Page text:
By Cam Tait
If you have visited the Carter Work Project for Habitat for Humanity this week, you will feel a tremendous sense of community. So it was most appropriate to have members of the Edmonton Oil Kings staff, who are propelled by countless community contributions, sharing their time with the project on Tuesday.
Oil Kings Assistant Coach Ryan Marsh, Athletic Therapist Brian Cheeseman, Video Coach Jory Stuparyk, Assistant Equipment Manager Les Fragle were on site. The Oil Kings contingent was part of the 125 Oilers Entertainment Group (OEG) employees, players and Alumni who are volunteering their time for this week’s Jimmy & Rosalynn Carter Work Project.
They started Tuesday morning, just after 8:30 AM, building (pardon the pun) on the 6,136 volunteer hours shared Monday. The project will see the construction of 150 homes across Canada, from footings to shingles – 74 of those homes being built in Edmonton and Fort Saskatchewan. The homes are then turned over to families who wouldn’t otherwise be able to own their own homes. Owners work on their own home, investing — the phrase of the week — sweat equity.
It’s one of the components that makes Habitat for Humanity so engaging.
“Meeting the home owner was a highlight,” said Brian Cheeseman.
“We got to put a face to what this great cause is about. I got to see just how thankful he was for our help today as a group.”
Cheeseman was fortunate to witness the “incredible experience” the homeowner had while working on his future house. Owners get to see, right before their eyes, a swelling of support not only from local volunteers, but from folks around the globe who came to Edmonton to help build.
“It must be an amazing feeling for the new home owner. You could see it on his face,” Cheeseman said. “I don’t think he stopped smiling the whole day.”
“It kind of made everything very real. It was a real personal touch to have him working alongside us today.”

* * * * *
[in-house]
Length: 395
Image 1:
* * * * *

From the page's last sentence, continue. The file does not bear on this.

Cheeseman said the enthusiasm began seconds after volunteers finished their pancake and sausage breakfast. Future homeowners lined the path the volunteers walked to get to the job sites and applauded as everyone went by. “Everyone was so upbeat,” he said, adding it was the perfect way to start the day. “It was nice to share the day with fellow OEG employees who we may not get to cross paths with on a regular basis…to spend the day giving back with them and getting to know them and vice versa.”
Like Cheeseman, Ryan Marsh is a rookie for a Habitat worksite, but it’s far more than he imagined.
“The amount of people that were there,” Marsh answered when quizzed for a memorable moment from the day. Volunteers numbered close to 1,000. “When you walk onsite, the amount of people that were there for the project and how well run and organized it was is astonishing.”
And the spirit and energy was high, he added, with people revved up for a full, honest day’s work.
“Everyone is willing to help wherever they can and everyone works as a team to get things done. From my standpoint and our standpoint as an organization, I thought it was great to mix with people from the company that you may work with but not see much on a day-to-day basis. That was great to be able to work with them.”
Then, of course, there was the work, breaking for lunch and then ending the day around 4:30 PM. Marsh was pleased people could participate, whatever their level of experience.
“I would not call myself handy. I learned a lot from my dad as I worked with him over the years,” said Marsh. “The day was basic construction stuff, nothing too fancy. Just the fact that we were able to come in and use materials that were already pre-made was great. It was easier for people who were not super handy as well. It was really a seamless project that was really well set up.”
Cheeseman said that while he picked up a few tips of the trade, he was gifted a greater lesson. “If nothing else it makes you appreciate what you have in life. I know there was a bunch of us making the comment ‘Wow, I am going to really look at my own home differently today and the effort that goes into building it.”
Cheeseman admitted he knew very little about Habitat for Humanity before Tuesday. That has changed.